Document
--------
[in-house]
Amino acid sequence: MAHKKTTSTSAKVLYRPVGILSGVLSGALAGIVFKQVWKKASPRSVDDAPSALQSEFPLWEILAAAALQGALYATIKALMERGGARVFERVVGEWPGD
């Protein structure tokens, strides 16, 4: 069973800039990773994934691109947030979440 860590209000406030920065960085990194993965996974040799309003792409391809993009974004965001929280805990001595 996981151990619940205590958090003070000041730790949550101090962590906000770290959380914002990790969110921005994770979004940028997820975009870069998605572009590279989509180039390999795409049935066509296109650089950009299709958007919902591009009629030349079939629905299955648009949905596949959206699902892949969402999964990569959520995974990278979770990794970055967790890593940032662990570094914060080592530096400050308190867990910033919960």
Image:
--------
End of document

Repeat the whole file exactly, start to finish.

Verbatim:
[in-house]
Amino acid sequence: MAHKKTTSTSAKVLYRPVGILSGVLSGALAGIVFKQVWKKASPRSVDDAPSALQSEFPLWEILAAAALQGALYATIKALMERGGARVFERVVGEWPGD
């Protein structure tokens, strides 16, 4: 069973800039990773994934691109947030979440 860590209000406030920065960085990194993965996974040799309003792409391809993009974004965001929280805990001595 996981151990619940205590958090003070000041730790949550101090962590906000770290959380914002990790969110921005994770979004940028997820975009870069998605572009590279989509180039390999795409049935066509296109650089950009299709958007919902591009009629030349079939629905299955648009949905596949959206699902892949969402999964990569959520995974990278979770990794970055967790890593940032662990570094914060080592530096400050308190867990910033919960």
Image: